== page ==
1. See if you can get a discount by switching from monthly to annual payments. The chances are you are paying extra for the convenience of paying things like gym membership or insurance on a monthly basis.


Although paying upfront will be larger outlays of cash in one go, it will save you in the long run.


  1. See if you are eligible for fee-free banking.


Although many banks have reintroduced fees on current accounts in recent years, many still have accounts that offer fee-free banking once you meet certain criteria.


This may involve keeping a certain amount of money in the current account at all stages, or you may be entitled to fee-free banking because of your age.

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text 2017-12-02 15:40
7 Investing Moves You Need to Make by December 31


Whenever things are going really well — as is the case right now on Wall Street and probably in your retirement portfolio — it's only natural to want to leave things be. Why try to fix what's not broken? But even the most patient buy-and-hold investors understand that you must revisit your strategy from time to time to make sure things are unfolding as you originally envisioned. The end of the year, when your thoughts are naturally focused on family, the coming year, and to-do lists, is a perfect time to do just that. To make this process easier, MONEY has put together a checklist of seven important steps to take now before the year ends to set your investment portfolio up for 2018 and beyond.


  1. Remember to give yourself a raise.


Chances are, you got a slight bump in pay this year—perhaps a modest cost-of-living adjustment or a merit raise. Average pay for American workers rose a little over 2% over the past 12 months.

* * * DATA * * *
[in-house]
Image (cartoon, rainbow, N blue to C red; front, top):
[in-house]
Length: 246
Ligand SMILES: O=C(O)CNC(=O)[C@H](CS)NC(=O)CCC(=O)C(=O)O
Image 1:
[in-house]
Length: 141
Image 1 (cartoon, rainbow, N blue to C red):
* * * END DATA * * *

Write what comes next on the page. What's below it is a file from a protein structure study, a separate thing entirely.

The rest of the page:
If you can, boost your 401(k) savings rate by that amount in the New Year.


The beauty of an employer-sponsored 401(k)—especially one where you're automatically enrolled—is that inertia works for you. You don't have to keep remembering to sock away money into your retirement account. Your company automatically does that for you with each paycheck.


But inertia cuts both ways. If you simply stay the course and fail to raise your contribution rate periodically, you're leaving money on the table. That's because over time, being an aggressive saver and mediocre investor beats being a good investor with just average saving habits.


Case in point: A 35-year-old making $75,000 a year, putting 7% of pay in a 401(k) and earning a better-than-average 10% annual return would have nearly $1.2 million after 30 years. That same worker who socks away the recommended 15% of pay while earning more-typical 7% annual gains winds up with $1.4 million. "Your goal should be maxing out your retirement contributions. If you can't do it all at once, adjust your savings rate gradually over time," says Jan Blakeley Holman, director of adviser education at Thornburg Investment Management.